John T. Willis

Tuesday, May 17, 2011

Jeremiah's Conflict with Judah's Princes, Priests, Prophets and People--Jeremiah 26:1-24

Jeremiah 26-29 form a coherent unity of three conflicts of Jeremiah, dating from different times during his lifetime. The first conflict is between Jeremiah and the princes, priests, prophets and people of Judah, recorded in Jeremiah 26. This paragraph falls into three parts.

I. All Judah opposes Jeremiah, but are divided over his sentence. Jeremiah 26:1-16.
a. Jeremiah 26:1 dates this paragraph "at the beginning of the reign of King Jehoiakim son of Josiah of Judah," which would be between 609 and 605 BCE. Jeremiah 27:1; 28:1 show that "at the beginning of" does not necessarily mean THE VERY FIRST YEAR of the reign of a king, but may include the first three or four years of that king's reign. 26:1.
b. 26:2-6 is an "outline" of Jeremiah's sermon proclaimed in more detail in Jeremiah 7:1-15. Hence, the date of Jeremiah 7:1-15 is between 609 and 605 BCE. This sermon declares that Yahweh is about to punish his sinful people if they do not repent. God's people had rejected God's law and God's prophets for many centuries. Their way of life had become a habit of sin and rebellion. Thus, Yahweh announces that he will punish Judah and Jerusalem, including the Jerusalem temple, just as Yahweh had punished North Israel, including Shiloh and the Shiloh temple--see
1 Samuel 4:12-22; Jeremiah 7:12-15. 26:2-6.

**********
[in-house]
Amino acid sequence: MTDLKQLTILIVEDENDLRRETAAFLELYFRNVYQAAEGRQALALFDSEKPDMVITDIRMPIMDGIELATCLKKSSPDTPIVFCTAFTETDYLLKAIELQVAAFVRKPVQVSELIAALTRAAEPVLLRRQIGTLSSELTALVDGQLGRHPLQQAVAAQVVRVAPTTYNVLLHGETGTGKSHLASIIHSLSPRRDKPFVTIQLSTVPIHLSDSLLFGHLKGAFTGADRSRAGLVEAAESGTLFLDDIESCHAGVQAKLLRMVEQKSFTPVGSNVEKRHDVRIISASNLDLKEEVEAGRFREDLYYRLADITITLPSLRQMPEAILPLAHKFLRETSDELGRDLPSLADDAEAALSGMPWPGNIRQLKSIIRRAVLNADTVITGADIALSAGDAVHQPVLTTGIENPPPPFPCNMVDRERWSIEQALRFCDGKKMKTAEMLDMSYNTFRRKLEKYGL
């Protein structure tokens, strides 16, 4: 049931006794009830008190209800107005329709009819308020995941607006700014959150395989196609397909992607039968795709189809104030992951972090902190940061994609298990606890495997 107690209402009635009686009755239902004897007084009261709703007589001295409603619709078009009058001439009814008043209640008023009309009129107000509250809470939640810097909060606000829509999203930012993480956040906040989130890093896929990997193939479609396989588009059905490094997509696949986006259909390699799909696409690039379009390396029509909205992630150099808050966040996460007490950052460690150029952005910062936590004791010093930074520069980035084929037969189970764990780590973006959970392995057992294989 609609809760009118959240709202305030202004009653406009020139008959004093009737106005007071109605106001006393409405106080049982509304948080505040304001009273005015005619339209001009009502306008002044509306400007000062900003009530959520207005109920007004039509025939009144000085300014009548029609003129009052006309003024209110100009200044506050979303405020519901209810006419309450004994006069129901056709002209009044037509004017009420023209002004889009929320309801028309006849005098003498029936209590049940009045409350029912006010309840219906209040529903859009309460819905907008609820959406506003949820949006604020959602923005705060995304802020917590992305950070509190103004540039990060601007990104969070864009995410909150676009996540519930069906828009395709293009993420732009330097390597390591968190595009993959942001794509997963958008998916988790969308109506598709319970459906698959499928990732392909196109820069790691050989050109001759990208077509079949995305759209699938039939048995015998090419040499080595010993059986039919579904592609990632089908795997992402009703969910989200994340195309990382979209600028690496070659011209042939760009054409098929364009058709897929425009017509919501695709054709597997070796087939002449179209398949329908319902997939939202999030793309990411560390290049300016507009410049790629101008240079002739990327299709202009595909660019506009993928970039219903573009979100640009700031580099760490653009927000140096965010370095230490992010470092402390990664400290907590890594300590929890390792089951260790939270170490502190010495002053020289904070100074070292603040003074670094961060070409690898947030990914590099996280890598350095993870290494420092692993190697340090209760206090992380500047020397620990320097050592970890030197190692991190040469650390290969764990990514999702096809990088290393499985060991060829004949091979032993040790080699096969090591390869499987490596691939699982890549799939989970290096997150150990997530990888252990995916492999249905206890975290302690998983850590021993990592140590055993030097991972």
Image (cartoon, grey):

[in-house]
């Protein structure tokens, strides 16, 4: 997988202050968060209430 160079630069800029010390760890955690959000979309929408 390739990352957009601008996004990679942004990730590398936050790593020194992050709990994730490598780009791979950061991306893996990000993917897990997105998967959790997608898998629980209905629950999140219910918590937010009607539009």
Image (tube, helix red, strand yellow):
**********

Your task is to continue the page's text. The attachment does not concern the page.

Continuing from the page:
c. The princes, priests, prophets, and people of Judah attack Jeremiah when they hear Jeremiah's message, and declare: "You shall die!" "This may deserves the sentence of death because he has prophesied against this city=Jerusalem, the city of God." 26:7-11.
d. Jeremiah responds by going to the princes and people of Judah, declaring that Yahweh sent Jeremiah to prophesy against the Jerusalem temple and the city of Jerusalem because of their sins. Yahweh through Jeremiah summons God's people to amend their ways and doings and obey Yahweh. If they will do this, Yahweh will change his mind and deliver them. 26:12-13.
e. Then Jeremiah declares he is willing to do whatever his people say. The princes and people go to the priests and prophets of Judah, declaring that even though they differ with Jeremiah's message, Jeremiah "does not deserve the sentence of death." 26:14-16.

II. The Precedent of Micah. Jeremiah 26:17-19.
The elders of Judah, speaking in behalf of the princes and people of Judah, rehearse the precent of the prophet Micah, who preached in Judah between ca. 730-700 BCE. Micah declares that Yahweh will destroy the Jerusalem temple and the city of Jerusalem. Micah 3:9-12. But King Hezekiah heeded Micah's message, and Hezekiah and the people of Judah repented. Accordingly, Yahweh "changed his mind" and delivered Jerusalem from the Assyrians under King Sennacherib. 2 Kings 19:8-37. Logically, the elders of Judah conclude that we must not put Jeremiah to death.

III. The Precedent of Uriah. Jeremiah 26:20-24.
a. The text relates another situation concerning the prophet Uriah from Kiriath-jearim. Uriah announced the destruction of Jerusalem and the temple. King Jehoiakim sought to kill him, and Uriah fled to Egypt. Jehoiakim sent a group of soldiers to bring Uriah back, and then killed Uriah. This contains a precedent to kill Jeremiah for proclaiming the same message. 26:20-23.
b. At the last moment, a very influential individual in Judah named Ahikam, son of Shaphan, spoke up and persuaded the people of Judah not to put Jeremiah to death. 26:24.

Just one courageous, faithful person of integrity can change the hearts and lives of many people. Hence, the people of Judah listened to the view of Ahikam.

Share YOUR insights and thoughts with others. Let me hear from YOU.

John Willis


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